Redesigning a popular train webshop based on visual analyses
UX DESIGN, USABILITY RESEARCH
Time frame: 5 weeks | 1 day a week | 2015
Team: 2 students
Thalys is popular rail service which offers high quality high-speed train rides throughout Europe. However, its webshop is neither high quality nor high speed. So we redesigned it. Check out this page to find out how.
Currently the design of the Thalys webshop is quite outdated. Navigation through the webshop is entirely menu-based, meaning that the visitor must subsequently click through different menu-levels to find a specific item. Each page is built up of blocks of many different types of visual information.
For the redesign of the Thalys webshop we set the goal to align visual priority with content priority. The layout of the functional redesign is structured in order to create clear hierarchy levels in the types of information. The aesthetical redesign enhances this structure with use of:
A grid throughout both pages;
A limited colour scheme, consistently throughout both pages;
Typography within one font family;
A clear distinction between dynamic and static elements;
In this project we used visual analyses to understand how the current design was perceived by users. We used 3 different techniques: eyetracking, change blindness and visual search. I was responsible for concept development and wireframing and helped with the motion design.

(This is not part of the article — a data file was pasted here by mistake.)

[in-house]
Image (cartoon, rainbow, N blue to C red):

For the eyetracking test we asked participants to perform a brief task and tracked their eye movements to see where they looked and in what order. This provided insight in which elements visually stood out.
In the change blindness test we showed participants alternating versions of the same page, with 1 element missing. We then asked the participants to click on this missing element and recorded their reaction time. This helped us analyse which elements are visually relevant for the user.
The third test was a visual search in which we asked particpants to find specific elements on the page and recorded their reaction time. This helped us understand how easily people could find certain elements.
The results of all the visual analyses and brief user interviews were used to identify design problems.
These are screenshots of the current Thalys webshop. The homepage on the left and the destinations page on the right. A color coded menubar is used to provide visual structure.
The eye tracking tests showed where people looked and in what order. These screenshots show where a participant looked at first glance of the webshop.
For booking a train ride we differentiated four general types of users.
Since the current webshop lacked a clear navigation route we wanted to started with a strong functional concept. Based on the four user types and results of the visual analyses.
The redesign is based on navigation by scrolling, which fits a more modern webshop. The use of a strict grid ensures unity throughout the design. The landing page breaks through the grid by showing two elements centered on the page. This emphasizes that the user can choose from two opposing navigation routes.
This is the redesigned destinations page, with a collage of destinations and travel experiences. To allow the user to be able to book at any point, the booking element scrolls with the user.